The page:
• Off-shore disposal of chemical agents and weapons conducted by the United States

    Historical Research and Response Team (Corporate Information Office, U.S. Army Research, Development and Engineering CommandAberdeen Proving Ground, MD, 2001-03-29)
    Compilation of 73 disposal sites in the Atlantic Ocean, Pacific Ocean, Mediterranean Sea, Indian Ocean, and U.S. rivers and lakes, 1918-1970.
  • All aboard for story telling: What story do you have?

    DeHart, Liz; Winiarz, Elizabeth; Shaw, Joyce (2017-05-17)
    Libraries, museums and cultural institutions have many interesting and historic stories to tell, especially stemming from their geographic locations. As librarians, we are fortunate to be surrounded by a wealth of information and archival history, from research labs to fishing villages, whether science-related or not. These rich narratives are important memoirs, sharing some aspect of life experiences and sometimes in a fun way. The presentation will be a three-person panel providing unique content, resources and stories from each of our institutions or region. What story do you have? Presentation 1: Liz DeHart, STEM Liaison for Marine ScienceThe Lazarette Gazette (Laz Gaz) was an informal newsletter of the University of Texas Marine Science Institute, which began in 1992 and ended in 1999. Each of the issues has a fun, whimsical masthead with a staff caricature, group of people or an illustration of general interest. Egabrag Wocs (Scow Garbage spelled backwards), was the earlier version, short-lived and lasted from 1989 until the publication of the Laz Gaz.The contents for these brief informational reads depended largely on staff members contributing various news, including their research and expeditions. The newsletter served as a means for the Marine Science Institute to share things of interest and definitely in a fun way for everyone. All of the issues are now digitized and ingested into the Texas ScholarWorks digital repository of the University of Texas Libraries.Presentation 2: Elizabeth Winiarz, Science LibrarianLocated in New Bedford, the nation's most valuable fishing port, the New Bedford Fishing Heritage Center is dedicated to preserving and presenting the story of the fishing industry past, present and future through exhibits, programs and archives. This presentation will take you through a sampling of the oral histories, online exhibits and other treasures made available through this rich resource. Presentation 3: Joyce Shaw, Head Librarian, ProfessorDopeia was a humor, satire of science publication produced by members of the American Society of Ichthyologists and Herpetologists for about a 50 year period, 1940-1990. Contributions included works such as “Charles ‘d’Tuna” (1990) writing about a new species of fish from Charleston Harbor, South Carolina (the “fish” is actually a fishing lure shaped like a fish) and Ima Big Snoop (1966) “The sex-life of the soft-lipped gourami “ and included cartoons, poetry, minutes of meetings, and tables of contents with titles of articles nowhere to be found in the issue in hand. Gunter Library is home to 17 issues of this classic humor work, which shows an irreverent and not-so-serious side of science.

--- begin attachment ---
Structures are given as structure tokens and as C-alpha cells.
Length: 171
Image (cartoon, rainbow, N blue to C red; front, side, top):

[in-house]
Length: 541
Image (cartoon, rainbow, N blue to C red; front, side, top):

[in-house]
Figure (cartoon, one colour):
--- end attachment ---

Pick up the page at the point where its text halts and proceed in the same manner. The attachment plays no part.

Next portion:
• Bibliography of the SAIL Panama Canal Zone Project 2008 : a selected bibliography

    DeHart, Liz (University of Texas Marine Science InstitutePort Aransas, TX, 2009)
    During the 18th Annual 2008 SAIL meeting at the Smithsonian Tropical Research Institute in Panama, Vielka Chang-Yau, librarian, mentioned the need to digitize and make available through the Aquatic Commons some of the early documents related to the U.S. biological survey of Panama from 1910 to 1912. With the assistance of SAIL, a regional marine librarian’s group, a digital project developed and this select bibliography represents the sources used for the project. It will assist researchers and librarians in finding online open access documents written during the construction of the Panama Canal, specifically between 1910-1912. As the project progressed, other items covering the region and its biological diversity were discovered and included. The project team expects that the coverage will continue to expand over time.(PDF contains 9 pages)
  • Trophic and life history considerations with respect to multispecies management policies

    Adams, Peter Burton (University of California, Davis, Ecology, 1988)